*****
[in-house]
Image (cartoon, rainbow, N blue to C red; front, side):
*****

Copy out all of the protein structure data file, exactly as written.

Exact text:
[in-house]
Image (cartoon, rainbow, N blue to C red; front, side):